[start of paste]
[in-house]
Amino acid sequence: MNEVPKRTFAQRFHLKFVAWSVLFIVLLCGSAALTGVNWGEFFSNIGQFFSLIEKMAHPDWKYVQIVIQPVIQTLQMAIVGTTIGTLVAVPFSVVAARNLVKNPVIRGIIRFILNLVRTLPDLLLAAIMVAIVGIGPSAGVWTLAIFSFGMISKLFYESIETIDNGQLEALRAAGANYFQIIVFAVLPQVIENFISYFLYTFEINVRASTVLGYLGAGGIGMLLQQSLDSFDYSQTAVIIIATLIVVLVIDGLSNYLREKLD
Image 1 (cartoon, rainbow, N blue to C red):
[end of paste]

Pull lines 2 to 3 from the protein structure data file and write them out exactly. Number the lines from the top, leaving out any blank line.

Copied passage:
Amino acid sequence: MNEVPKRTFAQRFHLKFVAWSVLFIVLLCGSAALTGVNWGEFFSNIGQFFSLIEKMAHPDWKYVQIVIQPVIQTLQMAIVGTTIGTLVAVPFSVVAARNLVKNPVIRGIIRFILNLVRTLPDLLLAAIMVAIVGIGPSAGVWTLAIFSFGMISKLFYESIETIDNGQLEALRAAGANYFQIIVFAVLPQVIENFISYFLYTFEINVRASTVLGYLGAGGIGMLLQQSLDSFDYSQTAVIIIATLIVVLVIDGLSNYLREKLD
Image 1 (cartoon, rainbow, N blue to C red):